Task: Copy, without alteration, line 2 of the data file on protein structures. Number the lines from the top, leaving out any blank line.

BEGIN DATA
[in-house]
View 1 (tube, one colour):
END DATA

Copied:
View 1 (tube, one colour):